There has been a history of public disorder at the "interface" site between Corcrain Road and Obins Drive in Portadown. Police officers were aware of a threat assessment indicating that blast, petrol and acid bombs, fireworks and other material were available for rioters in the area. During the evening of 11 July minor disturbances broke out in Corcrain Road, with people attacking the police and the houses in Obins Drive and Obins Avenue with stones and petrol bombs. Some residents in the Obins area retaliated. With the agreement of community leaders the police adopted a low profile, monitoring the situation.
However, by about 2.00am, a crowd of 200 persons were throwing petrol and acid bombs and fireworks at the police. A Police Chief Superintendent authorised the use of baton rounds, and a Police Inspector gave a warning to the crowd over a public address system that baton rounds would be discharged if the rioting did not cease. A police officer discharged a baton round at a masked man who was about to throw a large missile. He reported that the baton had struck the man. Two police officers discharged one baton round each at a man who was about to throw a lit object, possibly a blast-bomb. The officers said both rounds had hit their intended target. The same two officers then discharged one baton round each at another man who was about to throw a lit object. Again, both officers reported hits. Water cannon were then used to push the crowd back, which enabled the formation of a secure police and military line. Several police officers were injured during the incident.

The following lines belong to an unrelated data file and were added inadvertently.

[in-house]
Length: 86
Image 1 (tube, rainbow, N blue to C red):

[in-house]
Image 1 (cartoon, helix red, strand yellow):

Two members of the public made complaints against the police as a result of being hit by baton rounds; one complainant had suffered a broken leg and the other bruising on his leg. Both of these complaints were investigated but no evidence of police misconduct was found.
Outcome of investigation:
The Police Ombudsman, Mrs Nuala O'Loan, concluded that the police had been subjected to a sustained, violent and life-threatening attack. This occurred despite their initial low profile approach and liaison with community leaders in a bid to avert disorder.
Mrs O'Loan stated: "The level and scale of the disorder, in particular the use of petrol and acid bombs, fireworks, stones and pipe bombs, resulted in several officers being injured. At one point a pipe bomb struck an officer but fortunately did not explode."
The discharge of the baton rounds was fully justified and proportionate, as were the authorisation and directions given. The deployment and use of the baton rounds was in accordance with the relevant RUC/PSNI and ACPO (Association of Chief Police Officers) guidance. A further baton round was discharged by a member of the Army during the incident, but as this falls outside the remit of the Police Ombudsman it was not investigated by this office.